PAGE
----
What Are Terpenes and What Do They Do?

What are terpenes and what do they do?

Terpene — defined by the Oxford English Dictionary as "any of a large group of volatile unsaturated hydrocarbons found in the essential oils of plants, especially conifers and citrus trees."

If you, like us, said huh after reading that, this blog is for you. We're talking about what terpenes are — in normal human talk, not scientific jargon — what terpenes do, and how terpenes might already be a part of your day-to-day life (or, how they could be!).


What are terpenes and what do they do? Terpenes in CBD oil chart, complete with structures and uses

What Are Terpenes?

The aroma of cannabis is often unmistakable; many of us have our noses turned skyward in search before we're even aware of the source of cannabis' pungent, skunky aroma. The source of that overpowering smell: terpenes. Terpenes are aromatic compounds that create the aroma, flavor, and even color of cannabis, as well as many other plants including lavender, rosemary, and pine trees.

Nearly all plants contain terpenes, but generally, you can expect plants whose aromas might linger on your fingers after touching them to be high in various terpenes. Cannabis has over 150 known terpenes, though science is still working to uncover the details of each.

What Do Terpenes Do?

So, terpenes make plants smell good. Further than that, though, terpenes do some work for the plant while it's growing. For instance, the terpene geraniol found in plants such as citronella and lemongrass repels insects and animals that might otherwise want to make a meal of the plant. Other terpenes, like linalool — found in citrus plants and lavender, attract insects to help pollinate the plant. Other terpenes still help with roles such as regulating a plant's immune system or recovering from damage.

Terpene Effects in the Body

Though science hasn't pinned down every terpene they've found in cannabis, research has been done to pinpoint the effects of many of them. Below are details of three of the most common cannabis terpenes.

  • Limonene — this terpene is found in many cannabis strains, as well as in citrus and ginger. Its name says a lot about its flavor and aroma profile, with its fresh, citrusy clean scent. Some studies have found that limonene affects the body's immune cells, possibly increasing antibody production in the spleen and bone marrow, which helps the immune system to fight off infection and disease.

  • Myrcene — is a very common terpene found in high concentrations in a range of cannabis cultivars. This terpene gives cannabis its earthy, musky aroma. Further than scents, though, science has proven myrcene to be quite beneficial at reducing anxiety and helping people to fall asleep soundly. Further studies show myrcene to reduce inflammation associated with osteoarthritis.

  • Caryophyllene — This terpene is special because of its ability to bind to the CB2 receptors in humans' endocannabinoid systems (ECS). Research on this binding suggests that caryophyllene could be used to help treat conditions with inflammatory symptoms. Other research points to this terpenes' use for conditions such as colitis, anxiety and depression, diabetes, Alzheimer's, and more.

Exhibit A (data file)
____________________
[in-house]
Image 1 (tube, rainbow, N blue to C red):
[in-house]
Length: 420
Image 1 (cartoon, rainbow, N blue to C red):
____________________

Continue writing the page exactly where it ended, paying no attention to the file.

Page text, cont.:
The Entourage Effect

While studies have been identifying the characteristics of specific terpenes, there is also a whole body of study about how these compounds work together. After all, when smoking or consuming most any cannabis product, you're getting a broad range of cannabinoids, terpenes, flavonoids, and other phytochemicals. These compounds aren't working solo in your body, rather, they work synergistically.

That's where the entourage effect comes into play. The entourage effect, a term coined in 1988 by Raphael Mechoulam, describes that cannabis products perform more favorably when they have the entire profile of naturally occurring cannabinoids and phytochemicals.

So, many manufacturers are focusing on creating cannabis products that retain the plant's exact chemical makeup — to get the whole-plant benefit of cannabis' unique cannabinoid and terpene profile.

Related Reading:

What Is the Endocannabinoid System?

What Is Full Spectrum? CBD Extract Breakdown

What Are Terpenes and What Do They Do? — A Final Word

Terpenes give your cannabis and cannabis products their unique aromas and flavors. But beyond that, terpenes go to work in your body to regulate things like inflammation, anxiety, the immune system, and more. While terpenes have effects on their own, the entourage effect claims that cannabis works most beneficially with the whole scope of cannabinoids, flavonoids, and terpenes from the whole plant.

If you've got questions we didn't answer about what are terpenes and what do they do, or when you're ready to explore our wide array of products — come on into any one of our 7 Mr. Nice Guys locations throughout Corpus Christi and talk to our knowledgeable staff. And as always, have a nice daze!





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